4 pounds rump or chuck roast
2 tablespoons olive oil
6 shallots, whole
1 carrot, chopped
16 ounces whole tomatoes
1 cup red wine
1 cup beef broth
4 carrots, halved
8 ounces mushrooms
Heat your oven to 325 degrees, pat your roast dry with paper towels, and sprinkle it with salt and black pepper. Meanwhile, heat the oil in a dutch oven large enough to hold the roast over medium high heat. Once the pot is hot, add the beef and brown it on both sides. If you had to cut your roast into several large pieces to get it to fit in the pot, work in batches and brown the meat on all sides.
Remove the meat once it is well browned. Add the shallots and chopped carrot and cook for approximately 10 minutes before returning the meat back to the pot.
Add the tomatoes and their juice, the wine, and broth to the pot. Bring to a simmer, cover, and transfer to the oven for 90 minutes. After 90 minutes, turn the meat over and cook for an additional 90 minutes. At this point, add the mushrooms and the halves carrots and continue to cook another 30 to 40 minutes or until the meat is fork tender and the vegetables are cooked.
A gratin usually means that a dish, whether of potatoes, a vegetable or perhaps leftover meat, has been baked with a topping of bread crumbs or cheese and then browned. But it can also be a dish, probably one vegetable, that has been baked in cream and has been allowed to brown and form a crust. Au gratin means with bread crumbs or grated cheese; in French "le gratin" means crust and the verb "gratiner" means to brown, usually under a broiler or salamander. Gratin Dauphinois is a dish from the Dauphiné, a province in southeastern France near the Italian border.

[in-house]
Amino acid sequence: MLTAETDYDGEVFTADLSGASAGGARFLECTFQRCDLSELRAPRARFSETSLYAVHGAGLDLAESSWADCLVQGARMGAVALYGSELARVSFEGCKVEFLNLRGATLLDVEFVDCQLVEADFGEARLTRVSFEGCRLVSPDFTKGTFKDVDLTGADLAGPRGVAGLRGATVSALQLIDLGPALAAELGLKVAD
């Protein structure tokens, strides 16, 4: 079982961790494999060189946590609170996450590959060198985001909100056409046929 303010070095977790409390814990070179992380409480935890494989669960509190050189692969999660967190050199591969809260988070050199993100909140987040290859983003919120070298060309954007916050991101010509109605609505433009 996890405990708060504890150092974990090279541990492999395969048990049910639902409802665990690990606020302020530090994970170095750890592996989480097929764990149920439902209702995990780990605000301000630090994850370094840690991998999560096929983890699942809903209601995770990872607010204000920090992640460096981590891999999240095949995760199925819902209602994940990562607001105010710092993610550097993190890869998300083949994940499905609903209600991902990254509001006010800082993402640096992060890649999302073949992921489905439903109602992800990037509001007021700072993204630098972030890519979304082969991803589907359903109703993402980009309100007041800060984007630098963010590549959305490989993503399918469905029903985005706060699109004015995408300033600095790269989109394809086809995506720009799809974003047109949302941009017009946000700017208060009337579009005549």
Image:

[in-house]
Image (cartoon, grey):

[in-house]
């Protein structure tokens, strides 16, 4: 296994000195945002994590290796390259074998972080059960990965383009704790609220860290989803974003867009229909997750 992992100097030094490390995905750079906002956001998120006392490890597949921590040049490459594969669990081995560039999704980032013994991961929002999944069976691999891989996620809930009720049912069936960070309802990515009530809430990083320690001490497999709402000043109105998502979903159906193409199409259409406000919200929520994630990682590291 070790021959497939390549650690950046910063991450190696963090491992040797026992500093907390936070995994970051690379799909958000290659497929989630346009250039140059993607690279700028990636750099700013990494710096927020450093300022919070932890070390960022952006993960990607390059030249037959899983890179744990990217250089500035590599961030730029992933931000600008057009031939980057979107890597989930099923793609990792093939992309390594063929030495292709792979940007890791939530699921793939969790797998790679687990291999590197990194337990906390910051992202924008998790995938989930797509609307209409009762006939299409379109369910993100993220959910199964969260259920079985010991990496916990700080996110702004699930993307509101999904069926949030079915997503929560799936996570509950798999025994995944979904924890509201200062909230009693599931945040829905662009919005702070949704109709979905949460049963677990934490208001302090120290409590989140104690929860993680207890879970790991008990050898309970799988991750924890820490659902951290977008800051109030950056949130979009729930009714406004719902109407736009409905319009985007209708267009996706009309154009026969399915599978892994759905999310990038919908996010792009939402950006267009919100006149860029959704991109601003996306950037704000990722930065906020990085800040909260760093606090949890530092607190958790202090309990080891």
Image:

Although there are many versions, three things are essential to any gratin Dauphinois: uniformly sliced, non-mealy potatoes; a coating of garlic on the pan; and the right-size casserole for the right oven temperature. It usually consists of potatoes and cream, or potatoes and milk, topped with buttered bread crumbs or grated cheese,often Gruyère, and it is commonly seasoned with nutmeg in addition to salt and black pepper, milk and fresh cream will be used to cook potatoes
Recipe creation photography By:Chef Nicholas Anderson for www.culinaryglobetrotter.com
A signature dish of any good chef holds the potential to captivate the palate and fascinate the imagination. From the selected ingredients to the chef’s culinary zeal, it’s the inspiration that truly makes a signature dish unique and be well-loved by the most discerning guests.Every chef and cook has his or her signature dish. This is the dish, whether sweet or savory, that best represents the person who prepared it.